: Identification of essential genes in the innate epigenetic response to environmental agents that underpins resistance to therapeutic drugs

Lead Research Organisation: University of Birmingham
Department Name: Institute of Cancer and Genomic Sciences


Histone deacetylase inhibitors (HDACi) such as short-chain fatty acids and hydroxamic acid derivatives, are bacterial products and widespread environmental and dietary components. A coordinated transcriptional response involving up- and down-regulation of selected genes, allows eukaryotic cells to survive the potentially toxic epigenetic disruption caused by these agents. Through knockdown and CRISPR in cell lines, the project explores the signalling pathways through which this response is initiated and sustained and aims to identify key components. Specifically, it asks how HDACi-induced acetylation can trigger changes in DNA methylation. Using a panel of Burkitt Lymphoma cell lines sensitive and resistant to HDACi, it tests the hypothesis that inactivation, through mutation, of components of the resistance pathway explains why individual cancers can be so sensitive to HDACi, whilst most are resistant.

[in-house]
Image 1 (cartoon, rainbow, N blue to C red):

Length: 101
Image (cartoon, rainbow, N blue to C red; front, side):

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Studentship Projects

Project Reference Relationship Related To Start End Student Name
BB/M01116X/1 01/10/2015 30/09/2023
2098539 Studentship BB/M01116X/1 01/10/2018 30/09/2022 Mairi Macrae